Czernin Palace Virtual Tour
18.03.2011 / 15:07
The idea to build the Czernin Palace in the Prague Castle District was brought forth by Humprecht Jan Czernin, Count of Chudenitz (1628-1682). When Count Czernin stayed in Venice as the ambassador of the Habsburg Empire he was looping for a gifted architect for the proposed Czernin Palace.
The building site bought by Czernin in 1666 had a lot of disadvantages. The main one was in irregular shape in 60 x 250 metres size and 8,5 metres downgrade.
After a number of unsuccessful attempts, Count Czernin finally found a proper architect on November 9, 1667. Italian Francesco Carratti proposed a design of palace with the front size of 134,4 metres long. Regarding the plans Czernin entrusted Carratti with building of the palace.
At that time Francesco Caratti was the chief architect of Václav Jan Michna of Vacínov and cooperated with the Princes of Lobkowitz. Significant baroque monumental buildings, such as the Chateau in Roudnice nad Labem or the Dominican Church of St. Mary of Magdala near Újezd in the Lesser Town of Prague, were built according to his plans.
The proper building works started in 1669. They were making by Prague builders Jan de Capauli and Abraham Leitner according to the project of Francesco Caratti. The building shell was completed in 1673. It was only a building without ornaments and furnishing. Hence emperor Leopold I visiting Czernins at that time commented the palace ironically: “It is a large barn. It has no barn door though.“ In 1675 the interiors was being furnished. Hence Count Nicholas Colloredo described the building in a completely different manner: “The palace will be the most beautiful gem of Prague. Its design and location are an evidence of a high reason of a chevalier who got such a building made.“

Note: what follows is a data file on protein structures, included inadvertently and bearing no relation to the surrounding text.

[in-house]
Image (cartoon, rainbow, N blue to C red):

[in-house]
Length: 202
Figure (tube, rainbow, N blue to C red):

After the death of Count Humprecht Jan Czernin on February 13, 1682, his oldest son Heřman Jakub took over the construction and hired architect Giovanni Battista Maderna. Ten years later, Maderna was replaced by versatile Dominico Egidio Rossi who managed to push through a range of partial solutions and contributed significantly to the completion of internal palace arrangements. In 1696, the Czernins signed a contract with architectGiovanni Battista Alliprandi. In 1717 – 1731 František Maxmilián Kaňka was the chief architect of the palace.
Glory of the palace culminated in the era of Count František Josef Czernin. Completing works were the most intense under his reign. Czernin´s financial situation was getting worse. Count was finally forced to implement financial cuts. The inevitable crisis of the family fortunes was brought by his sudden death on March 6, 1733.
After the death of Emperor Charles VI in 1740, the tensed political situation resulted in the War of the Austrian Succession. Bavaria, Saxony, France and Spain opposed Maria Theresa. The war brought a damage to the palace. In summer 1742, when the French-Bavarian garrison was hemmed in Prague, the palace was occupied by two infantry regiments and converted into a fortification. Valuables were stored in the basement, embrasures were created in the walls, the furniture, which could not be stored, was burned on open fireplaces in the rooms, and trenches went through the ornamental garden. The Palace was seriously damaged by a shelling of the Austrian army and attacks of French troops. The Czernin Palace sustained a further blow by the Prussian occupation of Prague in 1757.